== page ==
By translating the coordinates of the voyages of Dutch trading ships from a digital database, and hours of labour, into physical forms, Vulsma links the processes of labour and production to (the history of) transport and trading routes. It is sometimes said that the greatest violence to which enslaved people were subjected stems from their reduction to a number, goods to be traded, things, that to dehumanise a human being is the greatest crime. ‘Western civilisation’ is proud of its science, which is seen as rational and which played an important role in the development of the capitalist system that now encompasses the entire world. In his work, Vulsma has pursued the method of rational abstraction to its limits, and has expressed it using the minimal visual language characteristic of his practice. It is a language that is familiar in art, and which can be seen as typical of a Western idea of beauty and rationality. Here however, the minimal form and presentation draw our attention to that which is missing: the people involved with and caught up in this trade, and the many hours of physical labour required to produce the materials used. The modern visual language used to condense the routes and translate them into works in an exhibition space implies a history of violence in which art – as an expression of this same modernity – is complicit. In short, the logic of exhibition practice is used here to highlight this complicity of the infrastructure of the art world, and reflects on the processes of outsourcing and distribution associated with contemporary artistic production.
The work Return takes this reflection a step further by formulating its own logistical conditions, and tracing out a route. Each time the work is presented, new indigo will be imported, which – compressed into unique sculptures – will represent different coordinates each time, until the entire route of the ship has been visualised as blocks of indigo. In this way, the work creates its own chain and exposes the relationship between the logic of historical trade operations and the contemporary chain of production and presentation within the network of the international art world. This process means that the workers in India who produce the raw indigo for Vulsma are involved in each new presentation, and become an integral part of it. The relationship between their role and that of Vulsma equates to the global division of labour that has existed since the sixteenth century, in which Asia is ‘the world factory’ (Nimako 2011: 55). Products are produced there and elsewhere by relatively cheap labour – and not always under good conditions – for the convenience and entertainment of the West. It is an unequal symbiotic relationship, which we all constantly benefit from without really being aware of it. This is the motivation behind Vulsma’s desire to reproduce and expose this relationship.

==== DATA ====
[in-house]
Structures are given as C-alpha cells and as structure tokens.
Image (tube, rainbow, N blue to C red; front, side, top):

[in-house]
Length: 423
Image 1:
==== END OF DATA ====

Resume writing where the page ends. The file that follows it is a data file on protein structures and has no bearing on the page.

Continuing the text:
The exhibition In the Hold asks questions about how contemporary social, economic and cultural structures are interconnected with the history of capitalism, formed as it is by imperialist logistical systems and the trade in enslaved people. To what extent is contemporary artistic practice complicit in the perpetuation of unequal global power relationships? One thing is certain: the autonomy of the artwork and the neutrality of the exhibition space are no terra nullius to be inscribed or claimed without an understanding of history and the journeys taken to arrive here.
Irene de Craen
Originally published in Studio Note #6 (January 2018), Hotel Maria Kapel (HMK) (download here)
Image: Indigo factory, 1850. Photo: Captain R. B. Hill (source: Gilman Collection)
Balfour-Paul, Jenny. Indigo. London: British Museum Press, 2000.
Kriger, Colleen. ‘‘Guinea Cloth’: Production and Consumption of Cotton Textiles in West Africa, before and during the Atlantic Slave Trade.’ In: Riello, Giorgio, Prasannan Parthasarathi (red.), The Spinning World: A Global History of Cotton Textiles, 1200-1850, Oxford University Press, 2009:105-126.
Nimako, Kwame, Glenn Willemsen. The Dutch Atlantic. Slavery, Abolition and Emancipation. London: Pluto Press, 2011.